After three years of traveling and shooting skaters at parks, sidewalks and on the streets, the Skater: Portraits by Nikki Toole show is on now at The National Portrait Gallery of Australia, running until May 2. It will then move onto Geelong Gallery for three months in July and tour around Australia after that.
As we all do, but particularly as a black and white film photographer, I walk a fine line between acute nostalgia and the uncomfortably intimate. My images meld the artistic voices of Ray Metzker and Elliott Erwitt to explore the stark familiarity of our shared life-wanderlust.
Stanley Kubrick was a writer and director famous for movies such as Lolita, Dr. Strangelove, 2001: A Space Odyssey, A Clockwork Orange and The Shining. Before he began directing, he was a photographer for LOOK Magazine between 1945 and 1950. The Museum of the City of New York and VandM have recently chosen 25 of Kubrick’s photographs out of 10,000 negatives to sell, with the majority of the proceeds going to the Museum of the City of New York.
This is exactly as described: a wonderful ambiguity. In cityscapes with oblique lighting and long shadows, almost lit like a film noire set, strangers are caught going about their business but in such a mysterious way that the pictures throw up curious narratives. They are nearly all black and white, and some are by the masters of reportage. But there are also many great photographs by people you would never have heard of.
We like this blog, Silent Cities. We like seeing images of some of the most noisy and crowded places in the world momentarily bathed in silence. There is something both serene and eerie about these scenes. The images above and below are from London, Sydney and Detroit.
Will McBride is responsible for some of the most beautiful and honest photographs I’ve had the chance of encountering. His work collected in, ‘I, Will McBride’ is really fascinating and spans his career from iconic shots of JFK to reprinted telegraph correspondences with legendary Indian filmmaker Satijit Ray. My favorite photographs of McBride’s seem to capture a rare and unadorned, if not very momentary, kind of beauty.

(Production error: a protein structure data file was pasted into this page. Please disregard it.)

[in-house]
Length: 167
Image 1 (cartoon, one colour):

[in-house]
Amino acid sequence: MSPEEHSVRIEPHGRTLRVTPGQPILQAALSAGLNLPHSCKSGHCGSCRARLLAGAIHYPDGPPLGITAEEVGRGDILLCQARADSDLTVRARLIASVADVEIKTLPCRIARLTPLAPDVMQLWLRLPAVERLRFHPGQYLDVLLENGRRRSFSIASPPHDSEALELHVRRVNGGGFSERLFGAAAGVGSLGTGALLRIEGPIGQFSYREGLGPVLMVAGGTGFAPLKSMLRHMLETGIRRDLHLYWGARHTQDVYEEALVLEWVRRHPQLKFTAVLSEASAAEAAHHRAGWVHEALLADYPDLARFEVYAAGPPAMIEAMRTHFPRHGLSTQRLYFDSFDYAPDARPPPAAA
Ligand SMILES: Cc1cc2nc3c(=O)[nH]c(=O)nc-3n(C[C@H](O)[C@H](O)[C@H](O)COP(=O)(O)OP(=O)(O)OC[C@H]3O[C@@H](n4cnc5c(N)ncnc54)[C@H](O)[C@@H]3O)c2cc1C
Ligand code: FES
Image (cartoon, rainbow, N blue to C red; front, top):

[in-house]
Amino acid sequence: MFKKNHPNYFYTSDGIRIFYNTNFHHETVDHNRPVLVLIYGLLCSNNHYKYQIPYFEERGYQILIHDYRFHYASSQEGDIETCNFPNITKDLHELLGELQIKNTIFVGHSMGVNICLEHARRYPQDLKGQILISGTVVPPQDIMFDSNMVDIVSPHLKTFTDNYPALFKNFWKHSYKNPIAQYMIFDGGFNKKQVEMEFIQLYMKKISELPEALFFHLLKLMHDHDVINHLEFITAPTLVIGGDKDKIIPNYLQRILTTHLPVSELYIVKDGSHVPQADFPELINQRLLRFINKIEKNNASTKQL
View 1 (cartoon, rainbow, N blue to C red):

David Jo Bradley is an Australian documentary photographer based in London. Of this confronting photo series, Cabbage Patch Politics, he says: ‘It’s an autobiographical documentation of my experiences with the cultural phenomenon of Bogans. I suppose you could say it’s a love story: I’ve always had a timid fascination for these rampant beast-people. As a small boy I lived in a rural town in Western Australia: going to school with Bogans meant I learnt their culture’.
Who needs a digital camera when you could be processing your portraits right there on the beach, with the subjects looking on? This is the approach taken by Joni Sternbach with her Surfland series, using a technique unchanged since the 19th century.
Photographic images by Bruce Davidson capture the essence of life spanning the late fifties and sixties to today. This is a beautiful retrospective of a creative and imaginative mind.
Dmitry G. Pavlov is a photographer from St. Petersburg with a liking for strong black and white contrasts and gloomy color settings. His fashion photography is quite evocative. I’m particularly moved by the full body portrait of the woman in veils.
Six post war photographers, including Lisette Model, Louis Faurer, Ted Croner, Saul Leiter, William Klein and Robert Frank, as well as their predecessors and contemporaries, are featured in this excellent book, Street Seen: The Psychological Gesture in American Photography, 1940-1959, published by Prestel. [Photo above by Weegee]
Asger Carlson’s intentionally overexposed and blown-out photos all involve many layers of visual puns and optical illusions. For his Wrong series, Carlsen adds bug eyes, wooden legs, and second heads to the subjects of what appear to be found photos, confusing the images sources and the artist’s hand.
Award-winning photojournalist James Mackay’s latest project comes at a time when the world’s eyes are fixed on Burma and the trial of Aung San Suu Kyi. By photographing former political prisoners displaying the names of their colleagues and friends who remain behind bars, Even Though I’m Free I Am Not exposes the enduring pain faced by Burma’s opposition movement. Over 2,100 activists, journalists, lawyers and politicians languish in prisons across the country, and on Friday Aung San Suu Kyi will likely join them.